For a franchise whose personality has always been about tough, gritty, old-school team defense, the Miami Heat is resembling something a little more modern-day NBA lately.
They’ve become a legitmate lethal three-point shooting team – and it’s not some hot streak anymore.
The Heat, which has now matched the franchise record for most double-digit three-point games in a season (31), has gone from ranking 28th in the league in three-point shooting percentage (33.7), 23rd in three-pointers made (8.6) and 19th in three-point attempts (25.6 per game) over its dreadful 11-30 start to leading the league in three-point percentage (41.0), ranking fifth in three-pointers made (11.8) and ninth in three-point attempts (28.8) over its current 20-4 run.
Not only is the Heat (31-34) well on its way toward making more threes (637 thus far) than it ever has in a season (717 in 2012-13), it’s really become the secret formula to the team’s turnaround.
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Miami is 13-3 this season when it makes at least 13 pointers in a game this season. If you look at the team’s drastic offensive improvement – Heat has gone from averaging 98.3 points per game over its first 41 games to 109.3 points over its last 24 games – nine of those points come directly from the team averaging three more three-pointers made per game.
In Wednesday night’s victory over the Charlotte Hornets, the Heat matched a franchise-record with 41 three-point attempts, and for the first time in team history concluded a three-game stretch in which it made at least 15 three-pointers in each game.
So what gives?
“Well, we’re a little bit healthier now,” coach Erik Spoelstra said. “We understand what our game is and what our strengths are and that’s still to be an aggressive attacking team. If you don’t have attackers that command the respect of a team to bring a second defender, the three-point shooting is not going to be open.
“We have great three-point shooters that really work at it diligently. They spend a lot of time in the gym on their craft. It may just be three, four or five shots that they get, but they have to shoot hundreds of shots to prepare themselves for that and do it on a run and build their bodies up with conditioning. You see that in Wayne [Ellington] and Luke [Babbitt] and Goran [Dragic], who has really improved his three-point shooting. [James Johnson] has really worked at it. If we’re consistent to our game, that can be a byproduct of it. But we’re not just coming down and jacking threes off the dribble. We’re getting to something specific.”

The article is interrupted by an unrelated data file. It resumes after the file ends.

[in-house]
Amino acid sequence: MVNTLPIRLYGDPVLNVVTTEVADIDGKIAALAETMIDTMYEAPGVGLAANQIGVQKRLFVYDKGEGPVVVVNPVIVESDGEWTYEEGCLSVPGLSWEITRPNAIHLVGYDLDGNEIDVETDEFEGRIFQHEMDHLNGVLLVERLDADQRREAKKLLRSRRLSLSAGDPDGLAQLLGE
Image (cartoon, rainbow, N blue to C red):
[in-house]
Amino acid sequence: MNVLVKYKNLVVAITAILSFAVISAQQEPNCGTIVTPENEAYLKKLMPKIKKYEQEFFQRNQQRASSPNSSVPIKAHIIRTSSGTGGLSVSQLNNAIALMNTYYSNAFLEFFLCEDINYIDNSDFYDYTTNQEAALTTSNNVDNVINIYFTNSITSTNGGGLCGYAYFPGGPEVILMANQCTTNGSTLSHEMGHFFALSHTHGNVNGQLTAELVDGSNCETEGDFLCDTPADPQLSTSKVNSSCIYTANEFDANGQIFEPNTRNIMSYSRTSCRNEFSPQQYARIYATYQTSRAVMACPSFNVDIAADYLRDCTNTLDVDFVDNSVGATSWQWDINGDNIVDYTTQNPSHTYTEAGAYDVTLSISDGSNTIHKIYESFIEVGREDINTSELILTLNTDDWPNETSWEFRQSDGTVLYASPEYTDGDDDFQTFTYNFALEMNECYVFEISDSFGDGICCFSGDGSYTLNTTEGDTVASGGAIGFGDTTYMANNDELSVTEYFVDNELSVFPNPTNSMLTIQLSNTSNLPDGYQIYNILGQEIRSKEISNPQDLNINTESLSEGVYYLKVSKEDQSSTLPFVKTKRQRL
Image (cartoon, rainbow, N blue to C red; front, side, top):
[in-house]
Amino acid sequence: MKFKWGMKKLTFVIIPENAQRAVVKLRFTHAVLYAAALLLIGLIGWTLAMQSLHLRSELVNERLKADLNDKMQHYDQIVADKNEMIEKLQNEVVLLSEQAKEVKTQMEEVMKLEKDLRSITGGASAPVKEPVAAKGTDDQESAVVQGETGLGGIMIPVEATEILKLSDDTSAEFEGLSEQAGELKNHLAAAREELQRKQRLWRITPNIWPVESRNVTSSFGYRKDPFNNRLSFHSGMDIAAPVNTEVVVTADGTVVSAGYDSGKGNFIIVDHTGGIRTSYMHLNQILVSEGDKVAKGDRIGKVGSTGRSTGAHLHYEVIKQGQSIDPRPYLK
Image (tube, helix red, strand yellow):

Through the Heat’s first 41 games, three players were shooting better than 37 percent from beyond the arc (Dragic, James Johnson, Tyler Johnson). Over Miami's 20-4 run, the Heat has five players shooting better than 40 percent from three and averaging at least one made three-pointer a game.
Ellington, who shot 32.1 percent and averaged two threes over the first half of the season, is making a team-leading 2.8 threes per game and shooting at a 41.9 percent clip during the Heat's 20-4 stretch.
Babbitt, who shot 35.9 percent from three over the first half of the season, is shooting at a 50.6 percent clip.
Dion Waiters, who shot 30.8 percent from three over the first half of the season, is making 2.5 threes per game and shooting at a 44.9 percent clip.
And rookie Rodney McGruder, who shot 31.0 percent from three over the first half of the season, is making 1.3 threes per game and shooting at a 41.1 percent clip.
While James Johnson (26.1 percent) and Tyler Johnson (33.9 percent) are all shooting worse from three-point range over the team's last 24 games than they did the first half of the season, Dragic has been the one constant all season. He’s is shooting 42.1 percent for the season and was at 39 percent during the Heat's 11-30 start.
“Everyone on this team has the confidence in anyone who takes that three-point shot,” James Johnson said. “We move on regardless of what happens. When you have guys who are rooting for you to make shots and take shots, it makes it easier.”
Said Dragic: “We have a saying, ‘good to great.’ Sometimes you have a good shot, but if you swing it maybe that’s even a greater shot.”
Considering the Heat’s drastic improvement from three-point range, most opponents, players said, haven’t really adjusted. Wednesday night, the Hornets, a team which ranks sixth in fewest paint points allowed, packed the paint and dared the Heat to shoot from three.
“It’s a little surprising,” Ellington said of how teams haven’t adjusted to the Heat’s new way of attack. “But teams you’ll find out are kind of stubborn with the way they play defense.”
The key to it all comes back to Dragic and Waiters and how they force opponents to defend them when they attack the paint. Then add the fact center Hassan Whiteside is there and it provides another defensive dilemma.
As long as the shots go in, Whiteside said, he’s good with playing the role of spectator when teams clamp down on him.
“It's all good,” Whiteside said. “It's philly cheese steak good."